Date: 7 Sep 1956
Diana Suttey was found partly naked and dead in some bushes in Green Lane, Leverstock Green, Hemel Hempstead on Friday 7 September 1956.
She was found by three boys shortly after they had seen a man wearing kid gloves dumping her body there.
She had been strangled with a pink and white scarf and it was thought that she had been dumped where she was found by someone in a motor car. The scarf was said to have been tied tightly around her neck.
The police said that they thought that sex was the motive for her murder and that her murderer was a sex maniac and the doctor said that he thought that she had been murdered only a very short time before her body was discovered.
The police also suggested that Diana Suttey had been murdered by a man that she had met secretly on several occasions in the Hemel Hempstead area and that he had decided to kill her after a quarrel, possibly over another lover.
It was noted that many men had figured in her life and it was stated in later accounts of the crime that Diana Suttey had in fact been a prostitute although the initial newspaper reports did not mention that.
The suspect car was seen by a number of people and was described as being a medium to light-blue ten horse power saloon car which was within three years old and with the registration number SUU 138. However, the registration number turned out to be either fake, as it was found to match an electric three-wheeled milk float in London, or to have been remembered incorrectly. The police reported that they had checked thousands of registration numbers similar to SUU 138 in the hunt for the murderer, but without success. The police said that they were satisfied that the electric milk float had not been in the Hemel Hempstead area on 7 September 1956.
It was reported that the police were searching for light-coloured cars with the registration 138 or a combination of that and that their search took them as far as Aberdeen and that owners of such cars were being invited to asked, 'Where were you on the night of September 7, 1956?'.
The car was seen in Green Lane at about 3pm on Friday 7 September 1956 and it was thought that Diana Suttey had been strangled somewhere along the lane which was about three miles long, before her body was dumped in the bushes.
The police said that they believed that the car that they were searching for might have been shut away in a private garage, its owner being too frightened to take it out and they appealed to people that might have noticed that their neighbours car might have been suddenly taken off the road and left in a garage.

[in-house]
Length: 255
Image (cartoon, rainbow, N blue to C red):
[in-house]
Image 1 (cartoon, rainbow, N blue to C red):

It was reported that many hundreds of people were interviewed in the search for the car and a car identity parade with 40 small cars was held in which witnesses went about examining cars whilst detectives noted their observations. It was reported that the car was thought to have been a Standard 10, but that one witness had said that they thought that it was a Morris Minor and another a Hillman Minx. It was said that the descriptions of the car had only tallied in one detail and that was that the car had been a pastel shade of blue or grey. Makes of cars included in the car identity parade had included Ford, Austin, Hillman, Standard and Morris.
It was reported on 1 October 1956 that the police had so far checked 30,000 cars in their investigation.
On 6 October 1956 it was reported that the owners of 150,000 similar vehicles had been interviewed in what was described as a vast car-checking operation. It was additionally noted that if the operation was ever completed that half a million cars would have been checked.
The car was seen by several people:
The woman, a cowman's wife, who had lived in Hog End Lane, Leverstock Green, had been walking her dog, called Susan, accompanied by her two children, a 3-year-old girl and a 15-month-old boy, along Hogend Lane, said that her dog, which had been running about, had forced a car to stop and said that when she looked at the car she saw that there were a man and woman in it and it was thought that the woman had been Diana Suttey. She said that she tried to apologise to the man but that he just drove off. She said that the man had looked very cross and that she noticed that the woman's mouth appeared to be twisted and that she seemed to turn her face away. It was also said that she had caused the car to stop by waving it down because there was a deep puddle in the road at that point.